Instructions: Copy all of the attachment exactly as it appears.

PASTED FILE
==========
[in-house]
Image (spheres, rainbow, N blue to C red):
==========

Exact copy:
[in-house]
Image (spheres, rainbow, N blue to C red):